Naming themselves after the “Soviet RDS-220 hydrogen bomb which is the most powerful nuclear weapon ever detonated” and with artwork in poppy shape with a scene of trench warfare it’s a case of lest we forget here from this group collective from the Belgian underground. Premise aside this is a rather interesting in itself as the original 8 tracks were released in 2018 on 2 cassette tapes. Each side of the tapes had 2 tracks and different vocalists. Here we get the Consouling mix on CD along with a bonus track with a fifth singer.

The musicians behind it all are KJM (Amenra ) & MPH (Liar) and both in Hive Destruction. Digging had to be done to find just where they and the guest vocalists come from and fit into the grand scheme of things.

On first listen this was slightly bewildering and trying to work out where it all fits in musically was the main objective. Blackened crusty sludge would be a good description I guess and it was a case of establishing a riff, blazing away repetitively at it for anything between 5-8 minutes and have someone screaming over the top. That’s the short version but more is discovered on repeated plays. However, on the first couple of tracks with Jenci Vervaeke of VVounds at the helm vocally this is not such a bad description of what is going on. Starting with a chilling newscast sample about bombings ‘L’Appel Du Vide’ eventually throws into the void and hell is unleashed. Very much constant with bands within the Belgian scene this is a full-on bloody tumult of flailing guitars densely furrowing away and this is pretty much the modus operandi for the entire album, giving the listener one hell of a shelling and leaving shocked in the process. Grind, crust and blackness are very much the name of the game giving the idea that “war is hell” in a musical blitzkrieg. More definition is provided by second vocalist Hans Verbeke prominently known for his work in metalcore outfit Liar. The intensity of the music had reminded a bit of Anaal Nathrakh at times and with Hans actually reaching a soul clamouring, hitting the rafters croon on ‘Triumphant on the Ruins of the World’ this idea is intensified by track title, billowing sound and vocals. The bit of grimly fiendish WWI sounding music hall keyboards at the end of this is particularly ghostly and atmospheric, allowing a snatch of breath before we are thrown into tumult once more.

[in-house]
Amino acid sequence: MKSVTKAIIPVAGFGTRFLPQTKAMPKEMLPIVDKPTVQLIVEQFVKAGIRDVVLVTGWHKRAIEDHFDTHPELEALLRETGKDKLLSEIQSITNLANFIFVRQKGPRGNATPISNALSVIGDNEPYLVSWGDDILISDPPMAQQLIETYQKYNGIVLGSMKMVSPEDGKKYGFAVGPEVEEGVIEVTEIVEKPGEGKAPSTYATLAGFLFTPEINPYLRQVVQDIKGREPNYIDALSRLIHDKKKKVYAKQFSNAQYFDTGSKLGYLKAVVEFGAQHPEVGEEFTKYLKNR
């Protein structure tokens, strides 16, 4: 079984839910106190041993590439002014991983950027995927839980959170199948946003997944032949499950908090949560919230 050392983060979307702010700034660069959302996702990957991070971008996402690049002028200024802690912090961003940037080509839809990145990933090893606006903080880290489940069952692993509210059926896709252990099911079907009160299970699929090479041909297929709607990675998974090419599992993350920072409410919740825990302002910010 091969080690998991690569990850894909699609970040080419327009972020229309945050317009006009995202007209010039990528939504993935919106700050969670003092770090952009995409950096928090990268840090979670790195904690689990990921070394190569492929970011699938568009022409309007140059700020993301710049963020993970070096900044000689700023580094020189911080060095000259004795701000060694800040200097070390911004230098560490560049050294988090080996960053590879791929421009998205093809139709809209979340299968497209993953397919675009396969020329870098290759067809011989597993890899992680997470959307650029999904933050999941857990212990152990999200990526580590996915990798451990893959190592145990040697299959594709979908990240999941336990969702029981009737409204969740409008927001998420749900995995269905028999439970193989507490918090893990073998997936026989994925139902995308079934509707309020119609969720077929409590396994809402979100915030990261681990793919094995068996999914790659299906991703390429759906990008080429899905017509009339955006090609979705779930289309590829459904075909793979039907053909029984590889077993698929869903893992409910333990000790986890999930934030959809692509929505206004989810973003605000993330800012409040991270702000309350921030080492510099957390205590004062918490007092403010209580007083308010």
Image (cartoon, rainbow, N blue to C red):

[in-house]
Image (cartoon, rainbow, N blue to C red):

It’s not completely a Belgian effort as the next couple of tracks see Portuguese grind vocalist Paulo Rui of Besta joining the melee. A lone guitar chord, spoken word solemnity and tribal slow drum hits take into Numbers Delight and the harsh vocals are roughly hewn out as things build and explode in a nasty and caustic fashion. There’s nothing pleasant about this at all and perhaps with one vocalist throughout at nearly an hour long this would be a bit tough to take in one hit. The apocalyptic strimming on ‘Lost God’ is a particularly hellish musical vision. The different styles though really do it plenty of favours and although none are particularly taking preference over another variety here is very much the spice of death. Dehn Sora part of the Church Of Ra collective and active participant in Throane, Ovtrenoir amidst others is on hand next. After some looser guitar tones ‘Onction’ sees violence crashes in and this gallops of headlong into the battlefield. Vocals take a while and are more in the background here, gurgling away and needing you to strain to really hear them. Some weird electronic components and faint chanting makes this particularly eerie though and some dark drama comes into play with it all. Bonus track Damocles seems to have a bassier production tone and so I guess could be recorded separately. Bram Coussement of Hessian seems to be the final shouter and that he does well with much more pronouncement than what we heard on the last couple of tracks, giving it a booming core feel in the process with a punk bounce and some chaos from the guitars too. Rougher and rawer in effect.

Is this a one off, a to be continued with other guests, likely to be expanded to play live? No answers on that front but this has definitely grown on me over repeated listens. “The guns and the bombs, the rockets and the warships, are all symbols of human failure.” Lyndon B. Johnson

(7.5/10 Pete Woods)